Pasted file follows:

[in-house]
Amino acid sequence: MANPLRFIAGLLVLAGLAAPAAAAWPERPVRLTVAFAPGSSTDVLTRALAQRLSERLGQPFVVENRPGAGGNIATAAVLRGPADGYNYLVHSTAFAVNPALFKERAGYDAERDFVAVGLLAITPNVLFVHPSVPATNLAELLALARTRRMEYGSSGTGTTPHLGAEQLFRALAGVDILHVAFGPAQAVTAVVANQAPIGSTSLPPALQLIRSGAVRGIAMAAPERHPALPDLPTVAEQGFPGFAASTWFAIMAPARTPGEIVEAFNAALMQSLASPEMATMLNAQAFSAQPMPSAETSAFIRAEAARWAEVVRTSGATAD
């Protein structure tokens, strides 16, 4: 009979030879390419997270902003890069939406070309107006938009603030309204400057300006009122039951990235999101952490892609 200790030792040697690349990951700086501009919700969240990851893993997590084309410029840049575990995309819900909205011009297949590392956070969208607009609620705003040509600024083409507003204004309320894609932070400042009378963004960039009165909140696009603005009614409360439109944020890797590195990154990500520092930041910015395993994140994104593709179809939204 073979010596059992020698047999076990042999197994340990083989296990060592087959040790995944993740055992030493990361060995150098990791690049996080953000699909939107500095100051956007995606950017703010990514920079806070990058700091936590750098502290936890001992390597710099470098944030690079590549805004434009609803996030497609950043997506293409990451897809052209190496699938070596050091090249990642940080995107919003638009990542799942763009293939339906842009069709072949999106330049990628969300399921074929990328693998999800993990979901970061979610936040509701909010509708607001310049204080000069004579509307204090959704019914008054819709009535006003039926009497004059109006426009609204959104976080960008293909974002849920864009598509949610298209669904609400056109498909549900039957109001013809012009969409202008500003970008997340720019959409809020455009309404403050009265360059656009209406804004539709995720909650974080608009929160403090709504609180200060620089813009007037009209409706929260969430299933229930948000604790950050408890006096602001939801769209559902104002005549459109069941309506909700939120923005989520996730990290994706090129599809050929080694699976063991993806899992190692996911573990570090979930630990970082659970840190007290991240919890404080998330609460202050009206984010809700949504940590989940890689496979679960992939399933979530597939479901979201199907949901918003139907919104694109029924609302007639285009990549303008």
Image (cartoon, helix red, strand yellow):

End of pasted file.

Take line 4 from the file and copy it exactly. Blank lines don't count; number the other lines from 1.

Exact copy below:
Image (cartoon, helix red, strand yellow):